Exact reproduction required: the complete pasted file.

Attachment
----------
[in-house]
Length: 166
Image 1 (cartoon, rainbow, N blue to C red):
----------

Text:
[in-house]
Length: 166
Image 1 (cartoon, rainbow, N blue to C red):